- Malaria risk mainly due to P. falciparum exists in certain parts of South Africa and bordering countries
- Malaria is distinctly seasonal in Southern Africa and predominantly occurs during the rainy months between September and May, with January to April being periods of high transmission.
While the Kruger National Park does fall in the malaria risk area, the transmission risk would be considered low to moderate, depending on the specific camps visited for overnight stays.
Personal protection against mosquito bites should be the focus of malaria prevention.
Measures to prevent mosquito bites include:
- Wearing long pants and socks
- Applying topical mosquito repellants to exposed skin areas that contain at least 20% DEET
- Burning of coils for repelling mosquitoes
- Sleeping under mosquito nets treated with long-lasting insecticide when in high transmission areas
- Use of air- conditioning and fans where available
- Staying in dwellings with screened windows and doors
- The use of preventative medication can be considered on an individual traveler basis. Please check with your doctor about suitable antimalarial tablets.
The occurrence of an acute febrile/ flu-like illness in the month after return must prompt an urgent malaria blood test and follow up of results.
Malaria Advisory 2018 by:
It is important for travelers visiting any of the malaria areas within Southern Africa and elsewhere to take appropriate precautions and maintain a high index of suspicion for symptoms of malaria on their return.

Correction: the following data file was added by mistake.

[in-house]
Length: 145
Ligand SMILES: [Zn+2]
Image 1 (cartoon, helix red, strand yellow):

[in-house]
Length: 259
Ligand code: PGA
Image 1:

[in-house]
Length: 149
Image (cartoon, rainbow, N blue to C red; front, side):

The occurrence of an acute febrile/ flu-like illness in the month after return must prompt an urgent malaria blood test and follow up of results. The use of preventative medication can be considered on an individual traveler basis.
The areas of transmission of malaria in South Africa are:
- Northeastern parts of Limpopo (along the borders with Mozambique and Zimbabwe)
- The lowveld areas of Mpumalanga (including the Kruger National Park but excluding Mbombela and immediate surrounds)
- Far northern parts of Kwa-Zulu Natal see map
- While the Kruger National Park does fall in the malaria risk area, the transmission risk would be considered low to moderate, depending on the specific camps visited for overnight stays. Personal protection against mosquito bites should be the focus of malaria prevention.
- The Mopani district in Limpopo is an area of known high transmission and has recently experienced an upsurge of malaria cases but the number of cases decreased as the temperatures came down.
- In Kwa-Zulu Natal, Richards Bay and St Lucia are NOT considered malaria transmission areas.
- In Mpumalanga, the towns of White River, Nelspruit and Sabie are NOT considered malaria transmission areas.
With respect to the neighboring countries, malaria is present in the following areas:
- Mozambique and Zambia have high malaria transmission throughout the country. Mozambique would be especially considered a high transmission area for malaria at this time of the year. The majority of malaria cases treated in South Africa have a history of travel to Mozambique so preventative measures should include both prevention of mosquito bites and preventative medication.
- Zimbabwe, including the Victoria Falls, is a high transmission area except for Bulawayo, Harare and Gweru and their immediate surrounds.
- Malawi and the area around Lake Malawi are high transmission areas.
- Botswana has transmission in the central and northwest districts including the Chobe National Park and the Okavango Delta but there is no malaria transmission in any of the major cities in Botswana.
- In Namibia, malaria is present in the regions of Kavango (East and West), Kunene, Ohangwena, Omusati, Oshana, Oshikoto, Otjozondjupa, and Zambezi and there is no malaria transmission in Windhoek.
- Malaria control in Swaziland has resulted in a major decrease in local cases and there are very limited foci of malaria transmission in the lowveld area in the east of the country bordering Mozambique.